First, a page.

“In the comics themselves, you find a vast variety of stories and characters from so many different backgrounds,” Lilac says, about the diversity within the milieu and why they find it compelling. “Within the medium of comic reading you find it more accessible than other mediums through the use of visual and textual cues.”
Webcomics are also more accessible for creators than the traditional print comic industry. “In their creation there’s the ability to take it all at your own pace. One page at a time you look back and see not only how much you’ve created but how you have improved overtime. In the community of creators you find people who are LGBT+, disabled, people of color, and unique for so many different reasons all coming together to tell their own stories through the same song and dance made entirely their own. Finally, in the webcomic community as a whole you find an amazing group of people cheering one another on and inspiring each other to do more than they ever though they could at their own pace. There’s an accessibility and openness to webcomics as both a reader and creator that makes being yourself feel accepted and sometimes even celebrated!”
While Lilac does see online comics as offering “new platforms and mediums of expression,” they are quick to point out that comics have long been an industry where outsiders can thrive. “Comics,” they say, have “often been a medium for showing perspectives you don’t often see. Captain America was written by Jewish men and Wonder Woman was written by a man in a polyamorous relationship with two women just to give a couple of examples. Now we have a new generation taking the medium and making it their own with new tools and a new perspective. This perspective not only includes unique takes on all types of genres but a desire to push the envelope even further to show more LGBT, disabled, POC and other minorities in center stage.”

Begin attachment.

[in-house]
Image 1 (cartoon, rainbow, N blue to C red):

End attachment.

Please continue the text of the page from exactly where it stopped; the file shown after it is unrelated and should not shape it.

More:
The webcomic library is currently archived on Tagpacker.com, a site that allows Lilac to use tags and tagpacks to organize the links so they are easily searchable and sortable by readers. “I have tags describing everything from when a comic was made to trigger warnings to LGBT and disabilities represented,” Lilac explains. “When it comes to LGBT+ representation, I have a variety of tags ranging from being more specific like ‘Demi-Gender’ and ‘Heteroflexible’ to more broad descriptions like ‘Trans Spectrum’ and ‘Queer/Questioning.’ I try to be specific when I can for the people looking for specific types of representation but there are times when someone's identity isn’t so clear cut, so I make sure to make tags for those peeps as well!”
Although they have a system that other people can use to suggest additions to the library, Lilac says, “Out of the 1186 comics in my library, about 136 of those were submitted by others, making up about 11 percent of my library. The rest is found, read, and researched in my free time.”
Lilac, who holds down two part-time jobs in the food industry, does all the upkeep themselves. Still, they encourage LGBTQ webcomic creators — and their fans — to use the submission template or email suggestions directly to them at WebComicLibrary@gmail.com, because, “Having people submit their webcomics and fill in the gaps not only makes my work more accurate but also helps me cover more than I could on my own.”
Those who want to provide financial support for the webcomic library can do so through the patronage site Ko-Fi.